In therapy, it can be quite normal to experience negative emotions towards your therapist. In episode 261, I received a question from a listener who felt angry, hurt, and vulnerable after their therapist told them they meet the criteria for an eating disorder. In this post, I dive into these feelings a little more and take a look at what you can do to help move forward.
During my last session my therapist told me I meet all criteria for an eating disorder. I hated him the moment he said it- why do I feel so mad, hurt, and vulnerable?
This is a really good one. I can’t say exactly why you felt this way in this situation, since you have your own reasons. I’m not sure if there is history involved here for instance. Maybe you have a family history of eating disorders or some form of negative association toward them due to people that you know. Maybe you’ve been accused of it before. Things like that – that’s context that I can’t know. BUT, I will say that this is probably a more common reaction than you might think.
One interesting element of eating disorders is how private they are. By nature, they are often something that is hidden. Everyone is different, but in another way, they are sometimes held and kept safe. Like this is something that belongs to you and you don’t want it to be exposed because then it maybe has to go away. This doesn’t mean that you think that these behaviors are good things, but it very well may have been something that you have lived with for a long time and that you have used as a means to keep yourself going.
Just like self-harm, eating disorders are often about control. It is sometimes about exhibiting control over your body in some small way. When that is threatened, it can feel like someone is threatening your autonomy. This is deep-rooted stuff and when it is talked about or suggested, it can certainly draw out a more primitive response from you.
Now, if you feel like you are being treated inappropriately, that is a different story. There is certainly a chance that you are fully justified in being pissed about this. From the sound of it, your therapist is not being vague about things – he is talking about the criteria and actually doing his due diligence rather than just wantonly throwing diagnoses out there, which is good. However, even if he is clinically skilled, there could be a chance that he is not the best at pacing or how he broaches these topics. If you guys don’t have the therapeutic relationship to support this heavy of a topic or he simply doesn’t realize the gravity of it for you and doesn’t ease you into it – that would be an understandable reason to feel offended.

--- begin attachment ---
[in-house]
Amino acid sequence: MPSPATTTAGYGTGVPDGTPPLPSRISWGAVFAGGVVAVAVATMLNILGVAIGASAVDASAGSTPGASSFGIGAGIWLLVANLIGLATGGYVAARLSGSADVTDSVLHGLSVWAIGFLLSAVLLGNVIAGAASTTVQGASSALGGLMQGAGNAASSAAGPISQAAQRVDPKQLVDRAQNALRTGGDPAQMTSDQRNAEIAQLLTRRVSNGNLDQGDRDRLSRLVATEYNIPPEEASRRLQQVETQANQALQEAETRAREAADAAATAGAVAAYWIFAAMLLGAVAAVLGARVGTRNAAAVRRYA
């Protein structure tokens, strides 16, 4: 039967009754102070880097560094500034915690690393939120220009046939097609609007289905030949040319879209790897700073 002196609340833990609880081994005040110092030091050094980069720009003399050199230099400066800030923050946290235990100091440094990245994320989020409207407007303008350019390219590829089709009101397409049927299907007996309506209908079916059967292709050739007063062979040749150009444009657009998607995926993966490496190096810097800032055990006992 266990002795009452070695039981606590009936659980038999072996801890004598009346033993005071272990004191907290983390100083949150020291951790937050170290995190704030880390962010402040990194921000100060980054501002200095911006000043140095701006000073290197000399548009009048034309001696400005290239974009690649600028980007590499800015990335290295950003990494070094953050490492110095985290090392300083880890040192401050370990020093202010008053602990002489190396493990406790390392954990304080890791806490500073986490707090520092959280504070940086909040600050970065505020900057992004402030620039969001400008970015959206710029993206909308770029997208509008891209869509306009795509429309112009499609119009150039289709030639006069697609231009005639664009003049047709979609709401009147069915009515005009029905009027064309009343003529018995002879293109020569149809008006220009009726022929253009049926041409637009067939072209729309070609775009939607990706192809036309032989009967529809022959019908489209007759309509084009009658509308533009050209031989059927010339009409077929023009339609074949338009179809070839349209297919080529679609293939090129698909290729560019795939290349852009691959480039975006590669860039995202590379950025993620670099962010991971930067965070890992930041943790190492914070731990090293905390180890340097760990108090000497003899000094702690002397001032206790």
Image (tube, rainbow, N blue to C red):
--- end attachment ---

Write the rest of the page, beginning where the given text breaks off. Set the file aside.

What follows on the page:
I also find that eating disorder diagnoses carry a lot of stigma both externally and internally. It’s similar to a personality disorder like BPD. A lot of people that have diagnoses like these maybe have an inkling that the signs are there, but due to the way that they perceive other people with these disorders, they dread the possibility that it could apply to them. Furthermore, without knowledge of the treatments available and how you can indeed live a good life with an eating disorder, it can feel more like a death sentence than a mental health diagnosis.
What can you do?
This should be a good prompt for you to do some self-reflection. I think that you should take his information and do some research on your own. See if you agree that you meet the criteria and that this fits your experience. Perhaps there are others that you can talk to in your life that might be able to give their opinions about whether this sounds like you. You can also do some pondering (maybe journaling) about why you feel so upset, vulnerable, and angry toward your therapist. This might take a few attempts. The more you reflect and process, the more clear it should become. Once the immediate sting and strong feelings fade, you will be able to better evaluate whether you guys are on the right track.
Never be afraid to challenge your therapist or tell him your needs. If you need him to slow down and maybe approach this more tentatively and gently, ask him that. If you think he is off base and might be missing the point, tell him that in whatever way you can. Say that you have been looking into it and you’re not totally sure. This would probably generate some productive conversations for you guys to further narrow things down. I have definitely had situations in therapy where someone doesn’t agree with my diagnostic hunches, so that causes us to dive deeper, look at the criteria etc. In the end that is always helpful. It allows us to move forward with more detail.
So, I hope that things have already started settling a bit for you. I know it can be hard to be slapped in the face with information like this. I don’t blame you for reacting strongly. Time and reflection will allow you to think with a bit more clarity and then you can make decisions about whether you have a legitimate reason to be concerned about your therapist’s skill or care.
You can listen to this on Episode 261 of the podcast!
Thank you for the great question!
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